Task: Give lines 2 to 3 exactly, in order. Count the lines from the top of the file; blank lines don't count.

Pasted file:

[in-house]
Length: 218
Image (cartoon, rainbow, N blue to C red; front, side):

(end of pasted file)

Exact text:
Length: 218
Image (cartoon, rainbow, N blue to C red; front, side):